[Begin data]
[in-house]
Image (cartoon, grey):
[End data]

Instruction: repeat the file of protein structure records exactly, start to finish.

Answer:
[in-house]
Image (cartoon, grey):